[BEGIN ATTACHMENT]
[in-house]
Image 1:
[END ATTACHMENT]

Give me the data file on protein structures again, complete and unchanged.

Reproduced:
[in-house]
Image 1: